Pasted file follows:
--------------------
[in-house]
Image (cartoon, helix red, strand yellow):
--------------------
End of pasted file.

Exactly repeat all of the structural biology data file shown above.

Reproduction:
[in-house]
Image (cartoon, helix red, strand yellow):